Mayor Quimby indeed. I wonder does he realise the fear even uttering such nonsense generates. The sad thing is that simply by uttering it he has reinforced it in those who already think it and made it a question in the minds of those who don’t. Doesn’t have to have any basis in fact to have effect.

        (I’m a South African working in Waterford. Still got a job, paying my taxes, buying from Irish stores, funding NAMA.)

        • Colm Green ,

          Good man ronan.

          • Donal O'Brolchain ,

            Well done. This is a great contribution to
            having a civlised debate – teasing out the truth or otherwise of assertion

            Would you please send your comments as a personal letter to Mayor Kiely here

            Mayor’s Office
            Phone: (061) 407347
            Fax: (061) 407158

            and all national elected representatives, through their Dáil email addresses?

            • kevin denny ,

              That Simpson’s episode should be on every public economics course because it is very pertinent. And funny, as the emigrants are deported by Chief Wiggum, the locals hold placards proclaiming “United States for the United Statians”. I remember Evan Davies, BBC’s economics correspondent, singling it out for its insight.
              Even more important argument is the “instant adults” one: they contribute to the economy and we didn’t have to pay for their education/upbringing etc.
              That said, there are interesting issues about the effect of immigrants on the host economy and the benefits depend on who you are. There is no point in pretending that everyone benefits. They do tend to depress wages at the lower end- its competition – but if the services they produce are a big share in your basket of goods (i.e. nice middle-class people) then your real wages rise. George Borjas’ book “Heavens door” is very good on these issues.

              • John O'Connor ,

                Fantastic reasoned response to what is a bit of a voodoo doll subject

                • Donal O'Brolchain ,

                  @kevin denny
                  Good points about the economic effects.
                  What about the positive effects over time – a different way of looking at things, perhaps some level of doing things differently – all part of the adaptation and change that societies make.
                  Patrick Pearse’s father was English, de Valera’s father was ?, Lemass was a Huguenot name, Guinness ???, soccer players ?
                  I welcome immigrants for these reasons in addition to recognising that Irish emigrants had equally tough reception in many of the places they emigrated to.
                  What if the US took a similar hard line to our illegals – which many immigrants here are not?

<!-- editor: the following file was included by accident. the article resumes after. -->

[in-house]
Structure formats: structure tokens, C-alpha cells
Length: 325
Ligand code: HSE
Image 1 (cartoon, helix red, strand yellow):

Sauce for the goose, sauce for the gander….

                  • Senan ,

                    Agree with you Ronan.

                    If this country aspires to growth we need every worker we can get our hands on. We need a young country, not an ageing one. These foreigners are predominantly young. In order to pay pensioners their due one week, enough must be collected through tax the previous (notwithstanding borrowing instead). For this we need labour of all shapes and sizes.

                    We cannot simply ignore the contribution of these people, or for that matter blame them for our troubles, now that we find our ruling and leadership class has made so many fiscal mistakes.

                    • Embarassed, NI « A Life in Beta ,

                      […] As always of course – and I do recognise this – much of this is the work and views of a small(ish) minority – most of my fellow countrymen and women recognise that we know as much as any nation about the challenges of settling in foreign lands or the hospitality afforded to our people by foreign governments as a consequence of our own diaspora throughout the late 19th and 20th centuries. We are, in the main, a warm and hospitable people who recognise the obligation on s to provide refuge to those who cannot find it elsewhere but also the merits of managed and facilitated immigration. […]

                      • Derek ,

                        Love your site, well done.

                        • Jack Onek ,

                          I am unpleased to read the article but all in all that was about what he means without mentioning positive thing that the immigrant themselve contributed to the state.

                          • Niall ,


                            Very good article,

                            Your article though is missing something that should be brought into the equation:

                            It fails to mention the amount of immigrants, both unskilled and skilled, that are working here in Ireland, literally, as the saying goes, ‘taking our jobs’. The economic effects, I think, which, is best explained by an example:

                            Susan is a qualified Nurse, she has just graduated and found herself unemployed, thus she has joined the dole. She is also capable of doing the same job as an employed foreign nurse

                            This means the government is now paying a foreign nurse and an unemployed nurse.